Cultural History of The Loner


Once upon a time, the idea of “the loner” extended beyond the way the term is nearly universally used in media today: for destructive psychopaths, after they’ve unleashed some horror or other. I carried on a little bit earlier about the Virginia Tech official who first uttered the term in connection to Cho Seung-Hui. It was true as far as it went — and that wasn’t far at all, as Cho demonstrated both in action and in his special delivery to NBC the other day.

Anyway. Didn’t the idea of the loner once carry an aura of austere self-sufficiency, hardy individuality or at least admirable anti-heroism? In recent decades in pop culture, Clint Eastwood’s the type, especially in the Sergio Leone remakes of the Kurosawa epics. Further back, Humphrey Bogart owned the image in his Philip Marlowe and Sam Spade roles. Film noir is the loner’s genre. I could take a leap backward from there to the James Fenimore Cooper novels and his Hawkeye character. Same thing, though incredibly trying in book form. [Belatedly, I note that all the example characters above carry guns.]

But those are sort of limited, shot-in-the-dark examples and ones that rely on the distortion and romance of fiction. I went looking for a little more evidence and context, and came upon the noble example of “The Loner,” a one-season, mid-’60s western series starring Lloyd Bridges (and created by Rod Serling). Then there’s Neil Young’s “The Loner,” which focuses on the menacing stranger. Still a long way off from real life.

Finally, I hit on this, through Google Books: “Party of One: The Loners’ Manifesto.” It’s by Anneli S. Rufus, a Berkeley writer Kate and I know from our time, during the relatively enlightened and carefree days of the Reagan era, at The Daily Californian. It’s a serious consideration of the idea of the loner in history, in culture, in society. An excerpt from the introduction:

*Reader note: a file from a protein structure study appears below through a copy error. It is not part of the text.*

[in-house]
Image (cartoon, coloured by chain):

“Loners, by virtue of being loners, of celebrating the state of standing alone, have an innate advantage when it comes to being brave — like pioneers, like mountain men, iconoclasts, rebels and sole survivors. Loners have an advantage when faced with the unknown, the never-done-before and the unprecedented. An advantage when it comes to being mindful like the Buddhists, spontaneous like the Taoists, crucibles of concentrated prayer like the desert saints, esoteric like the Kabbalists. Loners, by virtue of being loners, have at their fingertips the undiscovered, the unique, the rarefied. Innate advantages when it comes to imagination, concentration, inner discipline. A knack for invention, originality, for finding resources in what others would call vacuums. A knack for visions. A talent for seldom being bored. Desert islands are fine but not required.”

The Anneli lives less than two miles from us as the crow flies. I haven’t seen her in 25 years, since before she was Anneli. Now I know one reason why. But just one.


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